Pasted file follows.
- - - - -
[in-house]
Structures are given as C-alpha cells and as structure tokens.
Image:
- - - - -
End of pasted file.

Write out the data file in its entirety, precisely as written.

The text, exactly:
[in-house]
Structures are given as C-alpha cells and as structure tokens.
Image: